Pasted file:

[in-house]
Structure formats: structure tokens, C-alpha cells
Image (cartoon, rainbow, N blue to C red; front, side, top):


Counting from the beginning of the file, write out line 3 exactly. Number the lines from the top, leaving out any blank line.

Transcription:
Image (cartoon, rainbow, N blue to C red; front, side, top):